New security attack identified: Denial of Responsibility (DoR)

by Andy Oram

A recent report from the National Association for Security and Trust
Evaluation warns of an increase in serious security breaches known as
Denial of Responsibility (DoR) attacks. "Each attack is much more
dangerous than traditional security flaws," says Warren N. Veighn of
the Association, "because the extent of the vulnerabilities is so
great, the time they affect deployed systems can stretch
out to decades, and getting the source of the problem to react appropriately is by definition very difficult."

DoR attacks used to be of a simple, garden-variety type where a
computer manufacturer obscures the fact it has shipped a system with bugs
(sometimes known to the company in advance). More recent DoR attacks
include the inclusion of "cool features" that benefit only a few
curious experimenters but open the door to serious intrusions.

"And the new crop of DoR is even worse," explains Veighn, "involving
requirements from governments or major service vendors that data be
stored in an insecure and easily targeted fashion. One never hears
them talk of the true effects of these decisions."
DoR attacks are viral, in the sense that they begin in a governmental directive or software company, but spread rapidly to major customers who wish to minimize the risks created by the software flaws.

When asked what software vendors are doing to control DoR attacks, industry
spokesperson Heidi Vadanduck responded, "Our industry is committed to
a secure and trustworthy experience in every format, as evidenced by
the upsurge in customer-offering-based solutions embodying tested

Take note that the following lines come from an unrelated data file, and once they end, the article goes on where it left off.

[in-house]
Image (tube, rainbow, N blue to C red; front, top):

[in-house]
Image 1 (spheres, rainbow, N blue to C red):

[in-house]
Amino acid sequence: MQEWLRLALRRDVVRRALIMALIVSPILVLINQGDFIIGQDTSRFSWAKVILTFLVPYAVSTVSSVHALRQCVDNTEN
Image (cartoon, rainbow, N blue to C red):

protections and proven, standards-based reliability."

Have you experienced a DoR attack where you worked?


2002-06-03 07:37:19
Andy's "DoR"?
Okay Andy where are these "resources" made available?
2002-06-03 07:37:26
have I had DOR at work?
sure but it wasn't my fault.
2002-06-03 14:25:10
Satire or real article?
Hmmm. This alleged industry contact "Heidi Vadanduck" sounds suspiciously like a fake name:
"Hide, Evade, and Duck," just right for a spokesperson from a software company that might be using the Security by Obscurity model (backed by the MPAA and SPA).
2002-06-03 15:49:17
Satire or real article?
Naturally it's all fake. Warren N. Veighn (warn in Vain) from National Association for Security and Trust Evaluation (NASTE). Responded to by Heidi Vadenduck (Hide, Evade, and Duck)...Good for a laugh.
At least though it does point out a real threat - some 'solutions' that are shipped are really quite inferior in their security - take IIS as a prime example. How many times did I need to patch the company webserver last year...?